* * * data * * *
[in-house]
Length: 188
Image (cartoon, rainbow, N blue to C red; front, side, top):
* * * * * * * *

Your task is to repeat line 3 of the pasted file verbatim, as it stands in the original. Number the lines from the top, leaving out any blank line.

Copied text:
Image (cartoon, rainbow, N blue to C red; front, side, top):